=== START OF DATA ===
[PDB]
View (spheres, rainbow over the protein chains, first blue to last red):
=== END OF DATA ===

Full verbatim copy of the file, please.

[PDB]
View (spheres, rainbow over the protein chains, first blue to last red):